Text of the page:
• The thing which humans need more than comfort, more than possessions, more than sex or a settled home, is a good supply of stories, for it’s through stories we make sense of the world.  Thesis 14. Significance of Narrative
  • The hearing and telling of stories seems to be a highly sophisticated, evolutionary adaptation that has enabled high levels of culture to be passed on to younger generations. Thesis 14. Significance of Narrative
  • While our Stone Age ancestors have shaped the essential blueprint of the human brain, the human achievement – that which gives us an enormous advantage over other animals – is the way in which daily life experiences sculpts each brain into something truly individual.  Thesis 14. Significance of Narrative
  • Our brains are primed to analyse what’s going on around us.  We are gluttons for any information which either reinforces, or contradicts, something which is already important to us.  Thesis 15. Wisdom beyond Knowledge
  • Have we become too clever for our own individual good, but not yet wise enough to ensure our collective survival?  Thesis 15. Wisdom beyond Knowledge
  • We may know immensely more about the universe than our ancestors did, and certainly more about our minds and bodies, and yet it increasingly seems that earlier generations knew more about the interconnectivity of life than we do.  Thesis 16. Setting a New Course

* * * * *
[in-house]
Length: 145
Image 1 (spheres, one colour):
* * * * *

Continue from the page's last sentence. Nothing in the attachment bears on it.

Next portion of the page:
• The concept of happiness is a most elusive one.  Thesis 17. The Pursuit of Happiness
  • To our nomadic hunter/gatherer ancestors possessions were a burden to be abandoned as soon as possible; happiness to them was not some future state of perfection, no land flowing with milk and honey, it was in the present.  Thesis 17. The Pursuit of Happiness
  • “We have evolved to be an effective species, not (necessarily) a happy one”.  Thesis 17. The Pursuit of Happiness
  • To make sense of who we are, and who we might become, we have to know almost as much about our culture as we do about everything scientists are now starting to tell us about human nature.  Thesis 18. Understanding Cultures
  • “Our DNA does not fade like an ancient parchment.  It does not rust in the ground like the sword of a warrior long dead.  It is not eroded by wind or rain, nor reduced to ruin by fire and earthquake.  It is the traveller from an antique land that lives within us all”.  Thesis 23. Ancient Brits
  • The life of nations, no less than that of men, is lived largely in the imagination.  Thesis 24. Emergence of the English
  • At rare and unpredictable moments a revolutionary concept fundamentally changes the underlying assumptions that had previously held an assortment of beliefs together.  This is known as a Paradigm Shift, a totally new mindset that reshapes relationships so that nothing can ever be seen in the same way again.  Thesis 26. Reformation